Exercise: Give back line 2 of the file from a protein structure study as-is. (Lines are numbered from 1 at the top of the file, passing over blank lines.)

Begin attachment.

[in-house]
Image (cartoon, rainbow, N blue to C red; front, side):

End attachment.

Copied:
Image (cartoon, rainbow, N blue to C red; front, side):